Read more: Study: The impact of hearing loss on mental health
The first step in learning to juggle hearing loss and mental health is understanding how the two connect. There have been a few scientific studies into hearing loss and depression, and hearing loss and dementia.
Experts believe the extra cognitive load caused by your brain working harder to hear could cause mental health problems in people with hearing loss, but there are no clear causes yet. The isolation and difficulty communicating that can be part of hearing loss can also affect mental health.
Read more: How depression and hearing loss are connected
Managing your hearing loss is an important step in managing your mental health. Unaided hearing loss can create more cognitive strain, putting individuals at higher risk of mental health problems.
Read more: Who is impacted by hearing loss and dementia?
However, hearing loss is notoriously difficult to accept. I struggled with my hearing loss for years before I booked a hearing test and started dealing with it. I got my diagnosis when I was 26-years-old, but I’d struggled for at least a decade beforehand. When I finally reached out for help, I got such a confidence boost, partly through having better hearing with hearing aids and partly through accepting my hearing loss instead of avoiding it. Just admitting it felt like a load off my shoulders.
“When I finally reached out for help, I got such a confidence boost…”
Hearing loss can cause low self esteem, isolation, and anxiety. Taking good care of your hearing loss and supporting your communication needs where you can are excellent ways to overcome some of these issues.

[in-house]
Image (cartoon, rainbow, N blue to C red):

The first step is usually a visit to a primary care physician or getting a hearing test from an audiologist or ENT. Hearing tests are easy and don’t cause discomfort or pain in any way. After this, you can discuss your results with an audiologist and decide what to do next. For lots of people, hearing aids might help, but they aren’t your only option. Simply becoming aware of your hearing loss can help your mental health a great deal.
Read more: Hearing test
Mental health problems are always easier to manage with support or at least an active social life. If you find in person socializing difficult, try reaching out online. This can be a great place to start if you’re unsure of social situations. Try joining an online book group, like one of the hundreds on Goodreads. With a book club, you’re automatically given something to discuss, a place to start a conversation.
The isolation that comes with hearing loss doesn’t have to be debilitating. There are many ways to ease loneliness, such as social media, friendship apps, or local groups. Why not check out a hearing loss support group? Some meet in person, some meet online, and there are plenty of forums too. If you’re uncomfortable discussing your hearing loss, an off-topic group or forum can be the best place to start.
It can also be helpful to discuss your mental health with your existing social circle. Reach out to friends, family members, or even your healthcare provider to share some of your feelings about mental health. It’s beneficial for you to discuss how your hearing loss makes you feel too. If you’re not comfortable doing this with anyone you know, try a professional or a support forum.
If you’re already dealing with your hearing loss, you’ll still need to manage your mental health itself. One of the best ways to do this is to create a routine that includes exercise and healthy eating. You can also lift your mood and manage stress and anxiety by getting regular exercise. Making sure you get out of the house is crucial. The more you get out, the better you learn to handle your hearing loss.
If in doubt, book an appointment with your primary care physician, and discuss your thoughts with them. It’s essential to get things appropriately assessed and access treatment if need be. If you’re finding that your hearing loss causes your mental health problems, be sure to mention this to your doctor. There are even therapist who are specially equipped to handle psychological issues connected to hearing loss.
In general, take care of yourself, and don’t forget that you aren’t alone. Lots of us have been through similar experiences. Don’t be afraid to reach out!
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